Th [sic] Sense: Sic of the F#@*ing Heat! Is, Nonetheless, Fully Clothed -- but Fun

It's officially autumn, and you can feel it in the morning on a good day. But we still face a good month's worth of weather worth complaining about, and a short, silly collection of irreverent sketches and songs from Th [sic] Sense is just the ticket.

Soul Invictus' space on Grand Avenue is even better than bearable now; sunset comes sooner, temps start to drop, and a cute little portable cooler of some kind is aimed at the audience along with the usual oscillating fans. The space is small and the performers are loud, so it's easy to hear them over all the attempts at low-budget HVAC. (There's also a sweet little rummage sale going on in the lobby, while supplies last.)

This sixteenth (!!) edition of odd, raunchy sketches features six fully realized song parodies that are all quite good, some approaching "Weird" Al Yankovic caliber. A couple of them, like "Seasons of Spunk," which turns the ubiquitous Rent anthem into a tribute to "525,000 dicks in my mouth," stand alone and showcase the very impressive vocal talents of the troupe. A few of the others are wedged into sketches that seem to have been cobbled together as a mere framework for a song.

For instance, the lights come up on a bunch of sluts in lingerie -- lezzing out, as Eric Cartman would say -- and while a bunch of sluts in lingerie lezzing out is actually a pretty good way to start any sketch, it doesn't really set up "Look at Me, I Have VD," even though the girls refer to each other as Frenchy, Rizzo, and Sandy (characters from Grease, the source of the original "Sandra Dee" song, which does feature a pajama party in a different scene).

(It's all sort of vague to me, because I've only seen Grease live and horrible.)

And Sickie Madeleine Miller gives her all in a swell sendup of Katy Perry's "Firework":

Baby, you're a file clerk
Underpaid and overworked
You don't make no dough, dough, dough
Though you're working like a ho, ho, ho
but, very much like the original song, this ditty has an endless first stanza that gives you no idea what the song's going to be about -- and though head Sickie Franc Gaxiola tells Madeleine to file something just before she starts singing, it's the end of a conversation between two sketch comedians, not two office workers.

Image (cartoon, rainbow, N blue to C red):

The non-musical sketches include some real gems, such as "Job Placement," "Jill Goes to Wallmart" (another drastically offensive and stunningly perfect star turn for Kristie Cowles), and "" Hey, I had a boyfriend with a seizure disorder, so it's okay for me to like it.

A couple of my favorite performers, Jo Anna Larson and Klae Klevenger, weren't available this time around, but the overall quality of the ensemble holds up well. Genuine Professional Actor Robert Topping does some sweet stuff here, along with Handsome Writer James Renwick, who's debuting on the performing side.

Singer-songwriter Scott Gesser plays and sings a preshow of folksy comic originals in questionable taste, and his work, too, gets better every time I see him. (He may have written some or all of the parodies, as well -- the writing credits aren't broken down in the printed program.) Gesser rounded out his set with a warped and affectionate tribute to the absent Klevenger, "Who's Gonna Play Jesus Tonight?"

This show's just a little smaller, a little shorter (no intermission), and a little gentler overall (no nudity, but minors must still be accompanied by an adult) than the average Th [sic] Sense production, and it feels just right. The almost creepily enthusiastic superaficionado seated to my right and the woman to my left whom he was cracking up were a zippy little bonus entertainment.

Th [sic] Sense: Sic of the F#@*ing Heat! continues through Saturday, September 24, at Soul Invictus, 1022 Grand Avenue. To book tix, $15, in advance, call 602-214-4344 or click here.

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Julie has written for the Night & Day events calendar section since 2005. As a student at Arizona State, she received the Glendon and Kathryn Swarthout Creative Writing Award and the Theatre Medallion of Merit.
Contact: Julie Peterson